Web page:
Happy woman looking at ultrasound results with her doctor in examination room, discussing Prenatal Hydronephrosis.

My OB Says My Baby Has “Swollen Kidneys”: What is Prenatal Hydronephrosis?

By Shuvro De, M.D.

The 20-week anatomy ultrasound for pregnant moms is one full of anticipation and anxiety, as it sets the stage for the rest of the pregnancy.  Prenatal Hydronephrosis is the most common anatomic abnormality found in pregnancy during one of those ultrasounds. It’s found in one percent of all male fetuses and 0.5 percent of female fetuses. Typically, it is not associated with other organ system abnormalities and often the diagnosis does not affect timing or method in which a baby is delivered. 

Prenatal intervention is almost never required, and amniotic fluid is usually normal. Depending upon the abnormality, ultrasound imaging may be needed throughout pregnancy and after a baby is born. In most cases, this diagnosis does not affect when, where, or how a baby is delivered. However, surgery is required in a small percentage of children during infancy and childhood.

What is Prenatal Hydronephrosis? 

Photo of a normal kidney with full fuction. Hydronephrosis is defined as a dilation of renal collecting system—the place where urine is emptied when it is made from the kidneys on its way to the bladder. When urine is made from the kidneys, it first enters a calyx, which then empties into the renal pelvis. Dilation of the renal pelvis can be normal, but dilation of the calyces is typically abnormal.

When dilation of the renal collecting is found on an ultrasound, a grading system is used to rate the severity of the hydronephrosis. In general, high grade of hydronephrosis at an earlier gestational age is more worrisome than a lower grade of hydronephrosis at a later age. 

What Causes It?

Hydronephrosis can be caused by many conditions.

  • The first and most common is transient hydronephrosis, which is normal. Since an ultrasound is just a snapshot in time, in transient hydronephrosis the ultrasound captured the kidney when it is maximally full of urine before it drains through the ureter into the bladder. In this situation, multiple ultrasounds show either mild to no hydronephrosis and has no harmful effects for the baby in the future.
    • Another cause for hydronephrosis is blockages or partial blockages to the flow of urine, which can occur typically in 3 locations.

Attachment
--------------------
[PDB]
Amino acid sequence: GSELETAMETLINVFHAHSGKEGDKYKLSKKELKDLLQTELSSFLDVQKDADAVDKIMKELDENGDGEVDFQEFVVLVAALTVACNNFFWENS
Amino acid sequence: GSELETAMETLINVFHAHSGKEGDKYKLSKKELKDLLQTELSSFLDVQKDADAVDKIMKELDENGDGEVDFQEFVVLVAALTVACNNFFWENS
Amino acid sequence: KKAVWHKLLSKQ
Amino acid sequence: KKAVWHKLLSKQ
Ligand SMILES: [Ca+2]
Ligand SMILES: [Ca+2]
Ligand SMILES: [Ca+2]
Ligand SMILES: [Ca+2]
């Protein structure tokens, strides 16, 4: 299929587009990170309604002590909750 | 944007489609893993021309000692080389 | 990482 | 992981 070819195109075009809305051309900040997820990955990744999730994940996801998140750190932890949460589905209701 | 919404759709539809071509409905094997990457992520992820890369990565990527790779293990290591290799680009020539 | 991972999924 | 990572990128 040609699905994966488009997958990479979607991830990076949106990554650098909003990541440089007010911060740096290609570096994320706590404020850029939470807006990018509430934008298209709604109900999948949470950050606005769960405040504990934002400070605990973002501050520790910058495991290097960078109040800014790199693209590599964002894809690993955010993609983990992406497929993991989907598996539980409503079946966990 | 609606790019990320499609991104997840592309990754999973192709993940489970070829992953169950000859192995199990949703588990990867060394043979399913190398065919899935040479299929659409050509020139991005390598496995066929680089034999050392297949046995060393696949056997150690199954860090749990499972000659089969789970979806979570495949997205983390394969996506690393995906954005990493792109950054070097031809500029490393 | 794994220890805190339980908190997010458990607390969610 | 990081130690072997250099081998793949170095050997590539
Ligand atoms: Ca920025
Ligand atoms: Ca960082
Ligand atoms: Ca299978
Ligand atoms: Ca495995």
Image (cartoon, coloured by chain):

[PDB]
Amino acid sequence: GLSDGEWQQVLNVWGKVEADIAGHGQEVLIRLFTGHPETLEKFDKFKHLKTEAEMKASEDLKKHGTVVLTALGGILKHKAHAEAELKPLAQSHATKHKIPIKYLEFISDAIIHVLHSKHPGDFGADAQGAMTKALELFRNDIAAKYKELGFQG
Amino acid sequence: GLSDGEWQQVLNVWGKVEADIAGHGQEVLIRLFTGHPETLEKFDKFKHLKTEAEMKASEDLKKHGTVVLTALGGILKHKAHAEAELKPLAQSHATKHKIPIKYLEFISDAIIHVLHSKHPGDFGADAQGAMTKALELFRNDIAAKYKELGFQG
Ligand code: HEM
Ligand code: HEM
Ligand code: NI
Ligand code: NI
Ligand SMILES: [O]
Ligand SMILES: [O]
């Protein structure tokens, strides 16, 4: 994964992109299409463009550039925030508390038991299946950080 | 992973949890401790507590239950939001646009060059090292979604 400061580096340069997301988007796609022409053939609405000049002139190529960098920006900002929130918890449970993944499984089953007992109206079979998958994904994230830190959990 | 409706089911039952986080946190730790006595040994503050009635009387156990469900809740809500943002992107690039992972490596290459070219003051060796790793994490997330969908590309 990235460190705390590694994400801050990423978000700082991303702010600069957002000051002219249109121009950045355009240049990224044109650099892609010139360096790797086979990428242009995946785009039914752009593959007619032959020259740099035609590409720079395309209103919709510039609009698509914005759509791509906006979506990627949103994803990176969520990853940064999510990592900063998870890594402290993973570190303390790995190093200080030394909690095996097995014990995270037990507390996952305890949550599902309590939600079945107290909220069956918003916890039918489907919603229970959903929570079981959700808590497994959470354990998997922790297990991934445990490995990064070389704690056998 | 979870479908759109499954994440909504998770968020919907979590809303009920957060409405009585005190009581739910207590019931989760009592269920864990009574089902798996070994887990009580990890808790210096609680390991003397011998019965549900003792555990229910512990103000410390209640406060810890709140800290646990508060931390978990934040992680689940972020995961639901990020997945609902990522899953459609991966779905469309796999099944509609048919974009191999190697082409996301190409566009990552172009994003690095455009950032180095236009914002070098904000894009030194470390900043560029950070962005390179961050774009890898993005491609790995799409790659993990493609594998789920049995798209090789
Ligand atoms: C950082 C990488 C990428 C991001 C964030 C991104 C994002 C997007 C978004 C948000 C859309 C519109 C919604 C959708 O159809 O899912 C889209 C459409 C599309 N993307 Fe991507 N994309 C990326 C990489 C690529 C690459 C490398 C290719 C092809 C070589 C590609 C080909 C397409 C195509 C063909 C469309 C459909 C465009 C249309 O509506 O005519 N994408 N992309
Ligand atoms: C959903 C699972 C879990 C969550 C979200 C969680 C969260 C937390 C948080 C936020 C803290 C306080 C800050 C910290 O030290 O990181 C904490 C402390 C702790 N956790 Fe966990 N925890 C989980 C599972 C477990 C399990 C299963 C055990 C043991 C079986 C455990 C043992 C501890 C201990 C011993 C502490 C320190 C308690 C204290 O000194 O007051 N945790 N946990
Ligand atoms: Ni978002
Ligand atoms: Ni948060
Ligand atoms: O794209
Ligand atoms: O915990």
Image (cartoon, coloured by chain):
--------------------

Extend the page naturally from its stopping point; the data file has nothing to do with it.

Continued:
• First, Uretero-Pelvic-Junction (UPJ) Obstruction. It’s a blockage of kidney drainage near the kidney. Depending on the severity of this obstruction, a UPJ obstruction can prevent appropriate kidney development.
    • Ureteroceles or other blockages near the Uretero-Vesical Junction (UVJ, where the ureter enters the bladder) aA diagram of a kidney that shows a UPJ obstruction. re less common causes for hydronephrosis.
  • Most commonly, hydronephrosis is found in one kidney. However, when significant hydronephrosis is found in both kidneys in a boy, the concern is posterior urethral valves (PUV). This is a blockage of urine below the bladder in the urethra. In the womb, urine is critical for the development of the lungs. So, if PUV is present and urine cannot leave the body, lung development can be impaired. Bilateral hydronephrosis in a boy poses a significant concern for urologists and necessitates a multidisciplinary postnatal management team.
  • Another cause for hydronephrosis is Vesico-Ureteral Reflux (VUR), which is when urine flows backward from the bladder to the kidney. VUR is most commonly implicated in urinary tract infections with a fever that indicates kidney infections are occurring and potentially leaving scars on the kidney. If the urologists suspect obstruction or reflux, more tests may be needed.

What Do I Do Now?

A diagram of a kidney that shows a viscose-uteral reflux.. In pregnancy, once hydronephrosis is found, it is usually monitored for stability or worsening severity with regular interval sonograms. Prenatal interventions are reserved only for severe bladder outlet obstructions, which is insufficient amniotic fluid with severe obstruction of both kidneys. If this occurs, this would need to be discussed and performed with a multi-disciplinary team. Your obstetrician may send you to a pediatric urologist before your baby is born for more information and establishing care so that plans for after delivery can be made.

Once the baby is born, an ultrasound is usually obtained at 48 hours, which serves as the baseline for future management. Depending on this ultrasound, we may need other tests to determine the specific cause for the hydronephrosis. These tests would tell us which treatment would be best for your child which may include observation with ultrasounds, medications, antibiotic prophylaxis, or surgery. 

Do you have any more questions about prenatal hydronephrosis? The experts at Georgia Urology are here to help! Reach out to us by clicking here to schedule a telemedicine appointment.